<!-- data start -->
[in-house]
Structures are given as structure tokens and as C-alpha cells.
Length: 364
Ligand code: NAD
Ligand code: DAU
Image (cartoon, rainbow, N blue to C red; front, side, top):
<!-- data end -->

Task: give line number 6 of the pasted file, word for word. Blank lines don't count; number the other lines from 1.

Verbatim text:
Image (cartoon, rainbow, N blue to C red; front, side, top):